Planned complex could replace quonset huts, other buildings on Center Street

The Trailside Village quonset hut buildings are shown in this photo taken from the Razorback Greenway crossing at Center Street on Wednesday, Oct. 11, 2023. (Flyer photo/Todd Gill)

A planned student housing complex could replace the quonset huts and four other buildings along Center Street at the Razorback Greenway crossing near downtown Fayetteville.

Members of the city’s Planning Commission on Monday voted 7-2 to recommend vacating a public right of way in an alley along Gregg Avenue that’s needed to build the complex.

The site’s boundaries would stretch from Center Street north to Meadow Street, and from the Razorback Greenway west to the railroad tracks. It would require removing the two Trailside Village quonset hut buildings where AM/PM bar, Yarb Apothecary, Gar Hole Records and several other businesses are located. It would also remove four buildings to the west of the quonset huts where Trailside Yoga, a B Unlimited retail space and others are located.

A rendering shows what a new student housing complex could look like on Center Street next to the Razorback Greenway near downtown Fayetteville. (Trinitas Ventures/City of Fayetteville)

Trailside Yoga this week announced plans to relocate to a nearby building, and B Unlimited last year bought a 17.5-acre parcel of city-owned land off City Lake Road for its new headquarters.

Todd Wendell with Trinitas Ventures, gave a brief presentation to the commission and showed several renderings of the proposed complex, which would include 191 units ranging from studio apartments to 4-bedroom spaces. A total of 572 beds are planned across the sloped, 2-acre property. The plans show six stories on the east side and seven stories on the west side.

Wendell said as Fayetteville’s population and the University of Arkansas’ enrollment continue to grow, a multi-family project is one way to reduce pressure on other housing developments across the city.

“Given this project’s location relative to campus and relative to Dickson Street, we think that it is the ideal location for housing,” Wendell said.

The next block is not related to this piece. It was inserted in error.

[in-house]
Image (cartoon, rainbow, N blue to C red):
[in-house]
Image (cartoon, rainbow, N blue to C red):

Wendell’s presentation showed a parking garage inside the complex and other amenities like bike and scooter storage areas, lounge rooms, a 24/7 study and co-working space, a fitness center, and a rooftop swimming pool. Wendell said the architects plan to incorporate murals into the final design in an effort to compliment the feel of the downtown area.

Several buildings that are home to Trailside Yoga, a B Unlimited retail space and other businesses are shown in this photo taken from Center Street on Wednesday, Oct. 11, 2023. (Flyer photo/Todd Gill)

Removing the Gregg Avenue alley which connects Center Street to West Avenue via Meadow Street would also be required to build the project as first planned.

Wendell said a recent traffic study from Kimley-Horn and Associates shows that the alley does not currently alleviate any congestion on West Avenue, and that it’s underutilized with only 12 vehicles during peak morning hours and 25 vehicles at its afternoon peak. Wendell said West Avenue is currently only at 51% of its maximum capacity at peak evening hours.

“Adding that additional 25 cars really doesn’t move the needle in terms of traffic on West Avenue,” Wendell told the commission.

After some debate, the commission voted to require the developers to shift the alley right of way to the northwest side of the complex so that a connection between Center and West could remain.

Commissioners Andrew Brink, Fred Gulley, Joseph Holcomb, Mary Madden, Mary McGetrick, Sarah Sparkman and Porter Winston voted to recommend the vacation so the project can move forward. Commissioners Jimm Garlock and Brad Payne voted against.

The proposal will now head to the City Council for final approval.

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(Trinitas Ventures/City of Fayetteville)
(Trinitas Ventures/City of Fayetteville)
(Trinitas Ventures/City of Fayetteville)